A Review of the Nigerian Energy Industry

Dynamite attacks on gas lines are acts of sabotage – Govt

Gas pipeline*20 points attacked in six months, repairs to cost N800m

Oscarline Onwuemenyi

20 January 2014, Sweetcrude, Abuja – The Federal Government on Monday described attacks on pipelines conveying gas to power plants across the country as acts of sabotage that has led to the loss of about 1600mw of power.

Group Managing Director of the Nigerian National Petroleum Corporation, NNPC, Andrew Yakubu told reporters in Abuja that about 20 points on the 56km Escravos to Lagos pipelines alone were attacked by the vandals with dynamites in the past six months.

Yakubu who put the cost of repairing the damaged points at N800m, noted that unlike crude pipelines which are targeted by crude oil thieves, it was difficult to understand while gas pipelines are being attacked when the product cannot be stolen.

He explained that as at last weekend, over 30 percent (480MMsf/d) of the installed gas supply capacity was out due mainly to vandalism.

He also attributed the low supply of gas to power plants on faulty equipment at the Utorogu gas plant in Delta State.

According to him, when the first incident occurred in June last year, initial assessment placed the cost of repairs at N200million but sequent attacks have now escalated the cost.

He listed the pipelines involved to include: the Escravos-Warri stretch of the Escravos Lagos Pipeline System, ELPS, which accounts for (190mmcf/d), the Trans-Forcados crude pipeline (230mmcf/d).

“When the initial assessment was done before we realized that there were many other points, the assessment was set at about N200m. But as we speak today because of the multi ruptures that were discovered later, I hear that it is about N800million. And before the close of the contract, if we pressure test and the lines are okay and we are able to flow gas then we will sit down and assess the total cost of the repairs and we will now demobilize the contractor,” he noted.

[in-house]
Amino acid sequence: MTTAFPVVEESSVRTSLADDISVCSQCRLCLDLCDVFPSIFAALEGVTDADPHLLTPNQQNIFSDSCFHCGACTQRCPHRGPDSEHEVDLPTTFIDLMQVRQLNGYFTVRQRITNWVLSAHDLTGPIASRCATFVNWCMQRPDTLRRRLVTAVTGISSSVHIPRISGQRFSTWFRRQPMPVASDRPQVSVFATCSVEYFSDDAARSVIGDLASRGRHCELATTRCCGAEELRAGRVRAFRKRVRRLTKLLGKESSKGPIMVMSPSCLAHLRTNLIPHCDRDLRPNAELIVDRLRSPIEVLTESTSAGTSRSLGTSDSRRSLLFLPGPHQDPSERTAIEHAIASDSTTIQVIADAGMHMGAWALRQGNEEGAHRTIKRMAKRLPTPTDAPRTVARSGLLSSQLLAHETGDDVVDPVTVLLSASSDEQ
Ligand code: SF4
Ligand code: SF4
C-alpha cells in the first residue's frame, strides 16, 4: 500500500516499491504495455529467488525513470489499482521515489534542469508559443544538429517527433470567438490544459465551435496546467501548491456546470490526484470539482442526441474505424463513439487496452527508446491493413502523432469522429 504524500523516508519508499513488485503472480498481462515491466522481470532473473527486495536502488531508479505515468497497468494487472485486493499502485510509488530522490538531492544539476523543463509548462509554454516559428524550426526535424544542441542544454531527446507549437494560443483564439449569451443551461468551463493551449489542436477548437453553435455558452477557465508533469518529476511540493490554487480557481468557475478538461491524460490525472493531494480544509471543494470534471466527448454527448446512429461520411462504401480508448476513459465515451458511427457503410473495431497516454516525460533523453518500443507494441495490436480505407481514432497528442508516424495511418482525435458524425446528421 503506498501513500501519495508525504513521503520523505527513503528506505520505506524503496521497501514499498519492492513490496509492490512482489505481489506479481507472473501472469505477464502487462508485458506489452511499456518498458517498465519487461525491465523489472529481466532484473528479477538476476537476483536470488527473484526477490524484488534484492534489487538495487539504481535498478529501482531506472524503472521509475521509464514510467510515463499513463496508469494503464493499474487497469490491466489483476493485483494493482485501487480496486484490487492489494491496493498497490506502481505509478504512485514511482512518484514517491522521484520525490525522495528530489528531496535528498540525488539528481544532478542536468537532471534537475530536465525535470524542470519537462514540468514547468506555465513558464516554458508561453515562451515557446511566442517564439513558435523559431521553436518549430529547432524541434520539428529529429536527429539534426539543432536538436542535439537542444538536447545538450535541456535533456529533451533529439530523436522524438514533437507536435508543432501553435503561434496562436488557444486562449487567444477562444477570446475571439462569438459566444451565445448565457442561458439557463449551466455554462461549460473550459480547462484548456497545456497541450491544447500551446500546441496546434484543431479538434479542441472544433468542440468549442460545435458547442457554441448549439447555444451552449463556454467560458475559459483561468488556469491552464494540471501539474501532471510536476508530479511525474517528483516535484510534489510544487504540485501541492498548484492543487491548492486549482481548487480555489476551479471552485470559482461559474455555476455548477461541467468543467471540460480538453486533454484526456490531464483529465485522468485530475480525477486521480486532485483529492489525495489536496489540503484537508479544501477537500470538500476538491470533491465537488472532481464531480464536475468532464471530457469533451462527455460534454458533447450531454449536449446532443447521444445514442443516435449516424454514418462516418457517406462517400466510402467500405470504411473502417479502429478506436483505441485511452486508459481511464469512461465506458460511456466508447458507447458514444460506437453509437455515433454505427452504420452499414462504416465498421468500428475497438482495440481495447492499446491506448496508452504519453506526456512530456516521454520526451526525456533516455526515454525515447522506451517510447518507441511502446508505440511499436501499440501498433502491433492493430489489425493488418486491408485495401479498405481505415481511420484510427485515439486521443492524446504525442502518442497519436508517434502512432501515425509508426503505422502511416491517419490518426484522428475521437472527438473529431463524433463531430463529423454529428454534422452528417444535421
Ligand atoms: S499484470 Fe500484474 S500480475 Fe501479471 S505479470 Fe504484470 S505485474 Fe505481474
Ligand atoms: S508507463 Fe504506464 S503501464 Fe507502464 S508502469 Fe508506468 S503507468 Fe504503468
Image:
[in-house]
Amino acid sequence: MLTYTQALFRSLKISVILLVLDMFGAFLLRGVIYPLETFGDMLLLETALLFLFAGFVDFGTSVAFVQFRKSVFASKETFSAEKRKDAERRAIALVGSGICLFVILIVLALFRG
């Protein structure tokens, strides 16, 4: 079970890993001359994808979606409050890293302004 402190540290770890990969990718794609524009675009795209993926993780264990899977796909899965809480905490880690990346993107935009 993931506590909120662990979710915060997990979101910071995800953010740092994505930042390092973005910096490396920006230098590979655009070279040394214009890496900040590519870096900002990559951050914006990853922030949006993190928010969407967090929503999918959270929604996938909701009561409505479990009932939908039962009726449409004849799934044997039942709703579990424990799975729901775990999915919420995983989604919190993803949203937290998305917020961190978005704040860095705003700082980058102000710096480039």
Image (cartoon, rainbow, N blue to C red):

Yakubu further disclosed that “at the last count, 20 ruptured points have been identified, all due to deliberate dynamite explosion. NGC completed repairs in November and on commissioning in December, rapid pressure loss was experienced indicating further rupture in weakened locations.

“We have since effected repair of these new points and re-commenced commissioning activities.

He added that, “The cumulative effect of the above interruptions is a real degradation of power supply to Nigerians. The Ministry of Petroleum and NNPC continue to make effort to assure gas supply in a difficult environment. It is expected that a major improvement in power supply should be achieved in the weeks ahead as the various repairs are completed.”

He, however, assured that normal gas supply would resume in the next three to five weeks, adding that beyond the ongoing repair works, many projects are ongoing to bring in additional supply to bridge the growing demand by the power sector.

“By the end of Q2/Q3 2014, additional 200mmcf/d of gas is expected from two NPDC projects at Utorogu and Oredo. In addition, with the planned completion of the Omoku and Alaoji NIPP power plants, further boost in generation is expected as both plants have gas supply available awaiting completion of the power plants,” he explained.

Yakubu stated that in 2015, many other projects are expected to mature progressively and by 2016 when the East-West pipeline is completed, a major boost in supply will be attained as over 250mmcf/d of gas stranded in the East will be diverted to meet the growing Power demand.

He warned however that “if the occurrence of pipeline attacks is arrested, we expect nothing but a continuous and steady upward growth in gas supply to power from the end of this month, with a noticeable increase in electricity seen by Nigerians.”

He also disclosed that as part of effort to encourage more gas suppliers to sell gas to power plants, plans are afoot to increase the price per cubic gas to $1.5.

The price of gas supply to power was increased two years ago from $0.1 to $1.0 by the government to encourage suppliers to sell to power plants.

Minister of Power, Chinedu Nebo had last month complained that despite attacks on gas pipelines, gas suppliers continually met their obligations to industrial users of gas while shutting down supplies to the power plants. He attributed this to the low price of gas to power compared to other users.

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